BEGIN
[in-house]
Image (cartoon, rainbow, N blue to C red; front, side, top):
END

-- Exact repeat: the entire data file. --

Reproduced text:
[in-house]
Image (cartoon, rainbow, N blue to C red; front, side, top):